“Yes, thankyou.” The couch is surprisingly comfortable, if ancient and broken. A bass cacophony erupts from the aged support beams whenever I move. The silk rustles. I let it brush my lips, watching Yelena’s perfectly shaped ass swing from side to side as she returns to stand by her canvas. She twists and I look away, feigning disinterest.
She begins her work.
Half an hour passes as I lie sanguine on the couch, wrapped in black silk, watching her sketch shapes onto a canvas with an oil pencil. She sings to herself in melodic Russian, a lullaby I’ve never heard, and glances at me through stray strands of her hair. Animal green eyes flashing through a torrent of dark chocolate.
“You are a good model.” She says eventually, standing back from the easel, her gaze flicking rapidly between me and the canvas. She sweeps in suddenly and adds a few quick modifications to the image, and then repeats the process. “Do you do this often?”
“Modelling?” She nods, and I roll the silk against my lip again. “No, not really. It’s not that hard just to lay still for a couple of hours.”
A tinkling laugh graces her lips and dimples her cheeks, lending her body a cheerful exuberance that translates into the painting. Bright colours emerge through the back of the canvas as the light seeps through. Rose Madder, Indigo, Australian Grey. I can see the tubes of paint resting on the splattered table next to her. She paints with great energy, using sweeping movements for lines, scrubbing at the canvas with a rough-haired brush to fill in the white space. It’s almost as if she is dancing with the image, rocking back and forth on the balls of her feet in tandem with the movements of her arms. Dust particles drift down from the ceiling, caught in the fluorescent lights dangling overhead. Night falls outside and I find myself getting sleepy, drifting off to the sound of her singing and the scratching of the brush. Euphoria takes me.

Yelena wakes me some time later with a gentle touch, murmuring my name.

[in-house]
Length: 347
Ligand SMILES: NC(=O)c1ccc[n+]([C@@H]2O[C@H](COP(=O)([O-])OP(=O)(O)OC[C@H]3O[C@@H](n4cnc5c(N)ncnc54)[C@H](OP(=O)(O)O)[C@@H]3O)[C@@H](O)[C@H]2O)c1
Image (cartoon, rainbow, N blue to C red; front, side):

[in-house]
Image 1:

“Mary.” A whisper, soft against my shoulder. “Mary.”
She hovers near me, peering into my eyes. I smell turpentine, oil paints and liquid medium, and suddenly I want to kiss her.
Her eyes are warm. Understanding. She beats me to it, grasping my neck, pressing her mouth to mine. Her kisses are hungry, sweet, tasting of nougat and coffee. Her breath is hot. Her fingers are cold.
We roll together and crush the silk, and forget the world outside.

Tidbit: Patient Zero

Intro to Patient Zero


Below is the intro to the story I’ll be writing for NaNoWriMo.


As I stand here, in the dark humid warmth of this abandoned studio, memories flicker like old photographs superimposed over everything I see. I can feel the softness of the pink couch without touching it, the sharp points of dried paint on dusty palettes, the elastic fabric of the canvasses. It has been five years, though in here, in this anachronistic space, it seems like fifty have passed. Everything is just as familiar and clear to me as it was the last time I stood within its turpentine embrace.
Back then things were different. I wasn’t on the run, the cities hadn’t locked down, and Yelena slept in my arms every night. Life was good. Wine, cigarettes and a warm body pressed against mine were daily pleasures, beautiful delicacies I found I still craved even now. Back then terms like “Carrier”, “Transmissive” and “Infected” meant nothing to me.
It takes me a moment to collect myself enough to take a short, slow stroll around the room. I trail my fingers over surfaces. Dust gathers under my fingertips, light and gritty and fuzzy brown. Touching these things I had missed for so long makes them seem hyper real, as if I am dreaming. Echoes of Yelena’s laughter, of Veronika’s comments in rapid-fire Russian, of our gentle sounds of love and passion fade in and out just beyond my hearing. It is all exactly as I remember it, no less beautiful without their warmth to give it spirit. I want to wrap myself in the silks and fall asleep on the velvet couch. This grubby notepad and my mission can be forgotten, abandoned in favour of temporary sanctuary.
There is no time, I cannot linger here. I must write what I came here to write and be gone. I wish for Yelena’s comfort but she is in quarantine, mind-sick, and I am alone.
I settle on the couch. I light my last cigarette. I try to remember my life before I became Patient Zero.
I stare at the page.
After a moment, I begin to write.